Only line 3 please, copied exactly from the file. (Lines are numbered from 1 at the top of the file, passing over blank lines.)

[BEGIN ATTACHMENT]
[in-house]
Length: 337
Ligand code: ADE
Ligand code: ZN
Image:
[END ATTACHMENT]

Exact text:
Ligand code: ADE